Kana Kanban

おまつり

How do you say ‘festival’ in Japanese? If you’re learning hiragana, try reading this poster advertising an upcoming event.  I noticed it on a community message board in my neighborhood in Kyoto.  The お at the beginning is an honorific and is often omitted.

Use the rikaichan popup dictionary or your favorite reference tool with my transcription below the photo if you need help.

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Kana Kanban

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ステーキ ハウス ピーピングトム 営業時間11:00−23:30

If you’re studying katakana, try reading this  sign.

Use the rikaichan popup dictionary or your favorite reference tool with my transcription below the photo if you need help.

JapanesePod101.com – Learn Japanese with Free Daily Podcasts

Originally posted 2013-01-26 12:05:32.

Katakana Japanese Reading Practice #24: Coin Locker Sign

Japan train station coin locker sign in katakana Japanese alphabetコインロッカー

If you’re studying katakana, try reading this  sign.

Use the rikaichan popup dictionary or your favorite reference tool with my transcription below the photo if you need help.

JapanesePod101.com – Learn Japanese with Free Daily Podcasts

Originally posted 2013-01-16 12:48:14.

Katakana Japanese Reading Practice #25: Coca-Cola Poster

Coca-Cola Japan sign in katakana Japanese alphabetグレートテイストゼロシュガー

If you’re studying katakana, try reading this  sign.

Use the rikaichan popup dictionary or your favorite reference tool with my transcription below the photo if you need help.

JapanesePod101.com – Learn Japanese with Free Daily Podcasts

Originally posted 2012-11-16 23:15:30.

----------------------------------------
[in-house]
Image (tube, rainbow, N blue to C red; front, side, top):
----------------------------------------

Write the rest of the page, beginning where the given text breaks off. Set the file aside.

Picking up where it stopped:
Katakana Japanese Reading Practice #26: Cafe’s Sign

Japan cafe soft serve ice cream sign in katakana Japanese alphabet

ソフトクリーム

If you’re studying katakana, try reading this Kyoto cafe’s sign.

Use the rikaichan popup dictionary or your favorite reference tool with my transcription below the photo if you need help.

JapanesePod101.com – Learn Japanese with Free Daily Podcasts

Originally posted 2012-10-29 03:40:26.

Katakana Japanese Reading Practice #27: Pool Hall’s Sign

Old Kyoto Japan pool hall's sign in katakana Japanese alphabetビリヤード  玉

If you’re studying hiragana, try reading this sign. Click on the photo to enlarge it and use the rikaichan popup dictionary or your favorite reference tool with my transcription below the photo if you need help with the katakana or the kanji.

This old establishment has actually announced what it’s offering in three different scripts, with the kanji character for ‘ball’ as well as English and katakana.

JapanesePod101.com – Learn Japanese with Free Daily Podcasts

Originally posted 2012-10-07 04:44:25.

How’s business?

カジュアルフロア おさわり禁止

If you’re studying katakana, try reading the words on the sign around this fellow’s neck to find out what they have on offer upstairs.

Halloween happens to be on the horizon, but he’s a fixture in front of this Kyoto clothing store throughout the year.

Use the rikaichan popup dictionary or your favorite reference tool with the words I’ve transcribed below the photo if you need help reading the katakana, or the message in his mouth.

The vertical hiragana/kanji can be seen more clearly if you click on the photo to enlarge it and then click again on his mouth.  A very common verb and kanji compound that you can likely guess the meaning of from the context.

I wonder what kind of greeting’s waiting for me on the second floor?

Originally posted 2012-09-21 22:57:57.

Katakana Japanese Reading Practice #28: Fresh Fish Label

Fresh fish package label with price in kanji and katakana Japanese alphabets生サーモン ノルウェー産

If you’re studying katakana, try reading the words from this label that I’ve transcribed just below the photo. Use the rikaichan popup dictionary or your favorite reference tool if you need help with that or with the kanji above or in the text below.

The katakana will give you the name of the fish and its origin.  The character 生 is also seen and discussed here,  in a post I recently wrote about beer.

This reminds me, I’d better polish this off before the 消費期限 sneaks up on me, the 21st is just around the corner!

JapanesePod101.com – Learn Japanese with Free Daily Podcasts

Originally posted 2012-09-19 22:40:24.